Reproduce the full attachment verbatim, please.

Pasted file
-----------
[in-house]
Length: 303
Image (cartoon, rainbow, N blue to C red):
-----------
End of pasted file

[in-house]
Length: 303
Image (cartoon, rainbow, N blue to C red):